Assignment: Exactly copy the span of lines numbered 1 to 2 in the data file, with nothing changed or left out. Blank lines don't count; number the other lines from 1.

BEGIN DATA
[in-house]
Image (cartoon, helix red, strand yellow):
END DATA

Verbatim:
[in-house]
Image (cartoon, helix red, strand yellow):